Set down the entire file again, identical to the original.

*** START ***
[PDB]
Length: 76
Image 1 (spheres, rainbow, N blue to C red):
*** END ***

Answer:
[PDB]
Length: 76
Image 1 (spheres, rainbow, N blue to C red):